The next example of speech patterns used in society, indicating dissociation, is statements about ourselves (after all, we can only dissociate ourselves). Such expressions as “my body”, “my body”, with their various continuations (“fat”, “thin”, “wants something”, “hurts”, etc.) are very familiar and natural in our speeches, but what do they do? They separate us from the body. That is, there is a certain “I” sitting in the body. The question arises, who is this “I”? Certainly not the brain, because we hardly think about the brain when talking about ourselves. Also, the brain is part of the body. So, “I” is, most likely, thoughts, consciousness. This is how we quietly separate our consciousness from the body. By the way, in many spiritual practices it is even encouraged. But “I” is a whole: both the body and the spirit taken together, and we are healthy in body and spirit only when there is a connection between them, and we do not break this connection. By no means do I want to say that spiritual practices are harmful, but they need to be approached in a more conscious state - otherwise they will not be beneficial, but, on the contrary, a deeper process of dissociation will begin. nine0089 I want to remind you that I analyze speech and use it as an indicator of mental state. In all the examples I have given, the person already has a dissociation. A person dissociates himself with his thoughts, actions, behavior, lifestyle, attitude towards himself and others.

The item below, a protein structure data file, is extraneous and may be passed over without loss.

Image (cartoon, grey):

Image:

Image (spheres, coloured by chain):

But I think if you start to become aware of your speech, this will be a serious step towards changing yourself.